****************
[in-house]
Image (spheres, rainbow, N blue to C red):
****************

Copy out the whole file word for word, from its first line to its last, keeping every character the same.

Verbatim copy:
[in-house]
Image (spheres, rainbow, N blue to C red):